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Follow-up after treatment for oral cancer
Follow-up after treatment is an important part of cancer care. Follow-up for oral cancer is often shared among the cancer specialists and your family doctor. Your healthcare team will work with you to decide on follow-up care to meet your needs.
Don’t wait until your next scheduled appointment to report any new symptoms and symptoms that don’t go away. Tell your healthcare team if you have:
- discharge from the wound
- difficulty opening the jaw (called trismus)
- weight loss
- changes in vision, hearing or taste
- difficulty chewing, speaking or swallowing
- any new lump or swelling in the mouth or neck
The chance that oral cancer will come back (recur) is greatest within 2 to 3 years, so you will need close follow-up during this time. It is important to quit smoking to help reduce the risk of cancer coming back. People with a history of heavy tobacco and alcohol use also have a risk of developing a second primary tumour of the digestive tract.
Schedule for follow-up visits
Follow-up visits for oral cancer are usually scheduled:
- every 1 to 3 months for the first year
- every 2 to 6 months for the second year
- every 4 to 8 months for the third to fifth year
- every 12 months from the sixth year onward
During follow-up visits
During a follow-up visit, your healthcare team will usually ask questions about the side effects of treatment and how you’re coping.
Your doctor may do a physical exam, including:
- checking for speech and voice problems and assessing speech and hearing
- looking at the entire mouth
- feeling the lymph nodes in the neck (cervical lymph nodes)
- examining the teeth for signs of decay
- looking at the inside of the nose using an endoscope
Tests are often part of follow-up care. You may have:
- a chest x-ray to check the lungs
- imaging tests (CT scan, MRI, PET scan) to look for signs of disease or the cancer coming back (recurrence)
- blood tests to check the levels of thyroid-stimulating hormone (TSH) and monitor thyroid function after radiation therapy to the neck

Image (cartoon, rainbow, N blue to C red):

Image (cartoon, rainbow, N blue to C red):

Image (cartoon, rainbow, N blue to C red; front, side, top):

You may also have one of the following tests to assess swallowing.
Fibre optic endoscopic evaluation of swallowing (FEES) uses a special endoscope with a fibre optic camera to look at the pharynx and larynx while the person swallows.
Modified barium swallow (MBS) uses x-rays and a contrast medium (barium) to record swallowing movements.
If the cancer has come back, you and your healthcare team will discuss a plan for your treatment and care.
Oral and dental rehabilitation
If you had surgery or radiation therapy to the mouth it is important to have lifelong dental follow-up care and rehabilitation. If you need dental work such as having teeth pulled after you have had radiation therapy to the mouth, it should be done in the hospital by a dental oncologist or oral surgeon.
Questions to ask about follow-up
To make the decisions that are right for you, ask your healthcare team questions about follow-up.
A substance used in some diagnostic procedures to help parts of the body show up better on x-rays or other imaging tests.
In most cases, contrast medium is injected into or around the structure to be examined.
Also called contrast dye or contrast agent.
What’s the lifetime risk of getting cancer?
The latest Canadian Cancer Statistics report shows about half of Canadians are expected to be diagnosed with cancer in their lifetime.